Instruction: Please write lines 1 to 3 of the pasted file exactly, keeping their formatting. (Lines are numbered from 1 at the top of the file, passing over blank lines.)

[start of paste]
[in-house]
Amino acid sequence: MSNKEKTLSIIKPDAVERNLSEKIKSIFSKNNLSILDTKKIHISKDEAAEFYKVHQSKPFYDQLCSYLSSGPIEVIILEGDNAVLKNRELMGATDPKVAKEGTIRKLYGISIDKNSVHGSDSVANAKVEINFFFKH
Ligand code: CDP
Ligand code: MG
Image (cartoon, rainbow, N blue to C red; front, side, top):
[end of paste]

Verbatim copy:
[in-house]
Amino acid sequence: MSNKEKTLSIIKPDAVERNLSEKIKSIFSKNNLSILDTKKIHISKDEAAEFYKVHQSKPFYDQLCSYLSSGPIEVIILEGDNAVLKNRELMGATDPKVAKEGTIRKLYGISIDKNSVHGSDSVANAKVEINFFFKH
Ligand code: CDP